Postcommodity, "Pollination" (2015) (all images courtesy the Scottsdale Museum of Contemporary Art unless otherwise noted)

Postcommodity, “Pollination” (2015) (all images courtesy the Scottsdale Museum of Contemporary Art unless otherwise noted)

SCOTTSDALE, Ariz. — Comprised of Kade Twist, Raven Chacon, Cristóbal Martínez, and Nathan Young, the artist collective Postcommodity is an interdisciplinary group. Working in a variety of media, Postcommodity (who, full disclosure, I am curating in an upcoming exhibition) engages with contemporary culture, notions of postcolonialism, what it means to be an indigenous person, and more specifically, what it means to be an indigenous artist working today. Their work is unflinching, often involving uncomfortable and challenging pieces that can set the viewer on edge. In their current exhibition at the Scottsdale Museum of Contemporary Art (SMoCA), they dive headfirst into the idea of a dystopic future, the fragility of the human experience, and the ramifications of global capitalism.

Curated by Sara Cochran, the exhibition features two pieces. The first, titled “Promoting a More Just, Verdant and Harmonious Resolution,” premiered at Contour 2011 in Belgium and is making its United States debut in Scottsdale. The piece is comprised, in this iteration, of a five-channel video and sound installation. The video imagery volleys back and forth between footage of pastoral, utopian scenes and jarring, dystopic visuals inspired by the 1973 film Soylent Green. The juxtaposition of beautiful, bucolic imagery with the horror of an apocalyptic future filled with pollution, overpopulation, and the decay of the natural world creates a powerful tension, between what is inevitable and what we cling to in denial.


Postcommodity, “Promoting a More Just, Verdant and Harmonious Resolution” (2011) (click to enlarge)

The sound component of the installation depends on the viewer for activation: while walking through the gallery space, you detonate an audio land mine hidden beneath the floorboards. The experience is quite jolting, even when you’re expecting it. This aspect of the piece references the IEDs (improvised explosive device) that were employed to horrific effect in the recent wars in Afghanistan and Iraq. Postcommodity’s sonic IED is a loud compilation of pop music. It seems to comment on the role that Western popular music plays in shaping the global world and the violent and disorienting effects of war and capitalism.


Postcommodity, “Pollination” (2015) (photo by the author for Hyperallergic)

The second piece on view, “Pollination” (2015), was developed for the SMoCA show. Upon entering the museum, you are given a token. Upon entering the exhibition gallery, you confront a smaller constructed space that looks something like a bathroom, made up of gray walls and eight doors, each numbered. You select a door, although one is intentionally out of order and another permanently occupied. Inside your quiet, compact room are a stool or chair, a window with a closed shade, a box of tissues, and a slot in which to place the token. Once you do so, the shade slides up to reveal a garden contained by mirrored walls and illuminated by clinical, artificial light. Music begins to play as a series of floral and woody scents wafts by.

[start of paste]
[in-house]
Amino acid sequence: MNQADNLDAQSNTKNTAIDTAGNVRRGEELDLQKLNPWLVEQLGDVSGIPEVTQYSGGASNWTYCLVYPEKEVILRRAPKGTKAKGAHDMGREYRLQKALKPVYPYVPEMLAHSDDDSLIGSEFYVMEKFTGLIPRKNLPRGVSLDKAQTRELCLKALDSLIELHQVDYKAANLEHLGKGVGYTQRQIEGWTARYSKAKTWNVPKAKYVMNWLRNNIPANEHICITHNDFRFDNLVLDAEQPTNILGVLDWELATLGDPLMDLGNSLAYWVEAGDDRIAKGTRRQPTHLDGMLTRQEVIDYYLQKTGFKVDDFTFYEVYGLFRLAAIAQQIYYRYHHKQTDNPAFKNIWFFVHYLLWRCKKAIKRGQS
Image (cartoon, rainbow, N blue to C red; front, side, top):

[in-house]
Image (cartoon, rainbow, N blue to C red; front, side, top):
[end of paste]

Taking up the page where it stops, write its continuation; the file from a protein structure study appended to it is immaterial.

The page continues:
The effect is at once intriguing and unsettling. Playing on the idea of the peep show and the fetishized female form — which throughout art history and literature has been implicitly and explicitly linked to the garden — Postcommodity comments on fantasy, objectification, and the male gaze. Yet by presenting an actual garden, the piece also speaks to the powerlessness of nature in the face of mankind’s domination and abuses. The incorporation of the “pay-to-play” model, meanwhile, brings in capitalism’s role in the devastation of the natural world, global market systems, land development, and the exploitation of natural resources, all of which suggest Western colonial endeavors in what is thought to be a postcolonial world. Though the piece only requires the viewer to insert her token to participate — a small gesture — it implicates her as she sees her reflection in the garden room’s mirrors.

The exhibition is strong, with installations that are intriguing but beguiling, appealing but deeply troubling. It builds on the collective’s history of works that involve the viewer. In “Promoting a More Just, Verdant and Harmonious Resolution,” we are the victim who has detonated the IED; in “Pollination,” we are the perpetrator, objectifying and fetishizing the landscaped nature before us. We engage with and participate in a mosaic of tensions, between beauty and destruction, power and powerlessness, the ideal of a prosperous future and one drenched in destruction.

Postcommodity, "Pollination" (2015)

Postcommodity, “Pollination” (2015)

southwestNET: Postcommodity continues at the Scottsdale Museum of Contemporary Art (7374 E 2nd Street, Scottsdale, Arizona) through April 26.

Correction: This review originally stated that the artwork “Promoting a More Just, Verdant and Harmonious Resolution” uses footage from the film Soylent Green. It is, in fact, footage inspired by the film. The error has been fixed.

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Erin Joyce

Erin Joyce is a writer and curator of contemporary art, and has organized over 30 exhibitions across the US. She was a 2019 Rabkin Prize nominee, and has received attention for her work in Vogue Magazine,...